Nov 27, 2019

Devin Nunes' Democratic challenger is cashing in on impeachment

Rep. Devin Nunes. Photo: Chip Somodevilla/Getty Images

The Democratic House candidate challenging GOP Rep. Devin Nunes in California told Axios he's raised over $310,000 since the public impeachment hearings began on Nov. 13.

Why it matters: This fundraising haul shows the potential political ramifications impeachment will have for some Republicans in down-ballot races — especially those who are key characters in the hearings and staunch defenders of the president.

Between the lines: Phil Arballo announced his congressional campaign in early June, and by the end of Q3 he'd raised over $380,000. Now, he's nearly matched that in just two weeks' time.

  • Since the public impeachment hearings began, his campaign has found fundraising success in email blasts specifically targeting Nunes for his role in the inquiry.
  • "During the hearings, he proved his willingness to lie for Donald Trump — and now it’s clear that he’ll do anything, even compromise the security of our elections, to keep his Dear Leader in power," one campaign email said.
  • "It's been good having Nunes in the spotlight," Arballo told Axios.

By the numbers: The campaign says they've received over 35,475 new supporters since the hearings started — people who aren't just donating but volunteering with the campaign.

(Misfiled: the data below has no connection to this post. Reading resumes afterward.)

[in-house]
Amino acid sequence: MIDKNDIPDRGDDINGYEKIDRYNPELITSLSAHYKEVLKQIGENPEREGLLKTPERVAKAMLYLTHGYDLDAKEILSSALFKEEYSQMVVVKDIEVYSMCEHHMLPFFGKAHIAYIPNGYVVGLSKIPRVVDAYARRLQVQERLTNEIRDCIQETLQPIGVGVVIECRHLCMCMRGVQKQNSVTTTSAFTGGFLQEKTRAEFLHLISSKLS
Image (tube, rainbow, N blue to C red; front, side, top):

• Before the hearings started, they had 47,670 supporters on board.

Nunes had the closest race of his political career in the 2018 midterms when he eked out a win by just over 12,000 votes.

  • "We saw people here are ready for change and they're hungry for it," Arballo said.
  • Nunes has already spent at least eight times as much as what he spent in the lead-up to the 2018 election so far in his 2o20 bid.

Go deeper: Nunes suggests CNN, Daily Beast committed crimes with reporting

Go deeper

World coronavirus updates

Data: The Center for Systems Science and Engineering at Johns Hopkins; Map: Axios Visuals

Countries where novel coronavirus cases are falling may be hit with a "second peak" if they relax restrictions too soon, World Health Organization emergencies chief Mike Ryan warned during a briefing Monday. "We're still very much in a phase where the disease is actually on the way up," he added.

By the numbers: Brazil on Monday recorded for the first time more deaths from the novel coronavirus in a single day than the United States, Reuters notes. Brazil reported 807 deaths from COVID-19 in the past 24 hours, compared to 620 in the U.S. for the same period.

Palantir CEO reflects on work with ICE

Palantir CEO Alex Karp told "Axios on HBO" that there have "absolutely" been moments he wished the company hadn't taken a contract with Immigration and Customs Enforcement (ICE).

  • "Did I suffer? ... I've had some of my favorite employees leave," Karp told "Axios on HBO."

Michigan governor won't apologize for coronavirus lockdown

Michigan Gov. Gretchen Whitmer defended the strictness of her state's coronavirus lockdown in an interview with "Axios on HBO," saying it was necessary — despite the protests that have drawn national attention — because of how quickly the state's cases were rising.

The big picture: Whitmer, who has been a frequent target of President Trump, insisted that she had to act in the face of a lack of federal leadership — and that thousands more people in her state would have died without the lockdown.